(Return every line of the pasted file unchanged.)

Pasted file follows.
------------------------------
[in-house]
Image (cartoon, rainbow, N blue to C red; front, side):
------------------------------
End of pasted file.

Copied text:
[in-house]
Image (cartoon, rainbow, N blue to C red; front, side):